Scholars disagree over the division, number and definitions of
Afghanistan's regions. Louis Dupree's geographic paradigm is one
of the most respected and is based on the regional division of
human geography and ecology. He divides Afghanistan into eleven
geographic zones. The first six--the Wakhan Corridor-Pamir Knot,
Badakhshan, Central Mountains, Eastern Mountains, Northern Mountains
and Foothills, Southern Mountains and Foothills--are connected
to the Hindukush systems. The remaining five--Turkistan Plains,
Herat-Farah Lowlands, Sistan Basin-Hilmand Valley, Western Stony
Desert, and Southwestern Sandy Desert--comprise deserts and plains
"which surround the Mountains in the north, west and southwest."
Medieval geographies speak of the remarkable prosperity of the
Sistan which is now known principally for its deserts covered
with moving sand dunes rising to a height of 20 meters. Some experts
have concluded these may be the fastest moving sand dunes anywhere
in the world.
The United Nations has defined eight regions for their assistance
planning: Northeast--Badakhshan, Takhar, Kunduz, Baghlan; North--Samangan,
Balkh, Saripul, Jawzjan; West--Faryab, Badghis, Herat, Farah;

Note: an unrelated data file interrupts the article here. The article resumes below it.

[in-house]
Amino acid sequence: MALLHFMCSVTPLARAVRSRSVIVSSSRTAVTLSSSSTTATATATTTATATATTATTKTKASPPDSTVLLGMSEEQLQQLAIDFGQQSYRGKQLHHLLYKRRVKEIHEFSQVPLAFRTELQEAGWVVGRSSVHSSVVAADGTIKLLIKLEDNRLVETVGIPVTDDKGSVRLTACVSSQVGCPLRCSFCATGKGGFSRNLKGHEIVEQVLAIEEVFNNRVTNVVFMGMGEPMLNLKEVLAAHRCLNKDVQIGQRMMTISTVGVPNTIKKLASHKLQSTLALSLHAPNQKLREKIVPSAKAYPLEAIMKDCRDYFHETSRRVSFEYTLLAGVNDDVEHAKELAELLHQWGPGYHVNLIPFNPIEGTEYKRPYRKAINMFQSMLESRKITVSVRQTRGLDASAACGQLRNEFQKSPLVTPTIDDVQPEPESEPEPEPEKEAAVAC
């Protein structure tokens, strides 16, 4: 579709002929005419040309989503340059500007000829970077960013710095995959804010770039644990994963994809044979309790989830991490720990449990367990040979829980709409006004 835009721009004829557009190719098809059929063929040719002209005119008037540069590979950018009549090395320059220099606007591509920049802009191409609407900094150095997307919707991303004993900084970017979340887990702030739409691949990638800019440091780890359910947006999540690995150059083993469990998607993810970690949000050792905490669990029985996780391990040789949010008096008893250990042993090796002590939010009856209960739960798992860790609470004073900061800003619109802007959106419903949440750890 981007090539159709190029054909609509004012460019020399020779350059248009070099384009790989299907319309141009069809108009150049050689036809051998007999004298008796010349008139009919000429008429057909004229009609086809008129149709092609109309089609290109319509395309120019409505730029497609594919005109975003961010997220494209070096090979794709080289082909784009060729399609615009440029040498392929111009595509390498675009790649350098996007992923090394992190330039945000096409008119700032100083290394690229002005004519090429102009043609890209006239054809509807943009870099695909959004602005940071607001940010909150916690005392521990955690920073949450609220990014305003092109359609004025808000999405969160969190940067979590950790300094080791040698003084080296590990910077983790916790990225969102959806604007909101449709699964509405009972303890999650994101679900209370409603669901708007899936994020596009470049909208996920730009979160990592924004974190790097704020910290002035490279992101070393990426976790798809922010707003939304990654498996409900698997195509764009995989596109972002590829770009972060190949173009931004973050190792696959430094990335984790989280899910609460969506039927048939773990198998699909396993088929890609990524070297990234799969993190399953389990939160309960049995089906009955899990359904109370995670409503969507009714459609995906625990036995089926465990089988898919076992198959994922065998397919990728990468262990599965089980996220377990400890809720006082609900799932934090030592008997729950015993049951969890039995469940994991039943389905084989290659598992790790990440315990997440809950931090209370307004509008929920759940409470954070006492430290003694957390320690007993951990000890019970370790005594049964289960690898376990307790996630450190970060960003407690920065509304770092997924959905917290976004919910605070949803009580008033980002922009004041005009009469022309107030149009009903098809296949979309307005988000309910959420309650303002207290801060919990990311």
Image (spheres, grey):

East-Central--Bamiyan, Ghor; Central--Kapisa, Parwan, Kabul, Logar,
Wardak; East--Kunar, Nuristan, Laghman, Nangarhar; South--Paktya,
Pakteka, Khost, Ghazni; Southwest--Zabul, Uruzgan, Kandahar, Hilmand,
Nimroz. This reflects the creation since 1978 of three new provinces--Saripul,
Khost and Nuristan--bringing the 1996 total to thirty-two.
Construction of a circular road system to link these regions
was assiduously promoted during the 1960s: with assistance from
the United States south of the Hindukush, the Soviet Union north
of the Hindukush, and West Germany in Paktya Province. These roads
connected major cities with the principal border crossings: from
Herat to Iran and Turkmenistan in the west; from Kandahar to Pakistan
in the south; from Kabul through Jalalabad to Pakistan in the
east; from Balkh to Uzbekistan in the north.
Other roads are unpaved, and the once-paved roads have been almost
totally destroyed. This is a major impediment to reconstruction
since any improvements, particularly in the agriculture sector,
are hampered by the lack of an efficient delivery infrastructure.
Rebuilding of the roads, however, is beyond the capacity of any
agency now involved in Afghanistan's rehabilitation. This is the
one sector that will require massive inputs which can only be
obtained by such organizations as the World Bank or the Asian
Bank, both of which insist on peace before becoming involved.
The plate-tectonic activity in Afghanistan has contributed to
the creation of the geologic riches of the country, but has also
produced frequent earthquakes; around fifty are recorded each
year. Although most are relatively mild, the most severe earthquake
in recent history occurred on 29 July 1985. French scientists
recorded a measurement of 7.3 on the Richter scale at its epicenter
in the Hindukush. Since then, according to the United States Geological
Survey, there have been ten earthquakes in Afghanistan which have
registered above 6.0; the most severe, both registering at 6.4,
occurred in January and July 1991.
Data as of 1997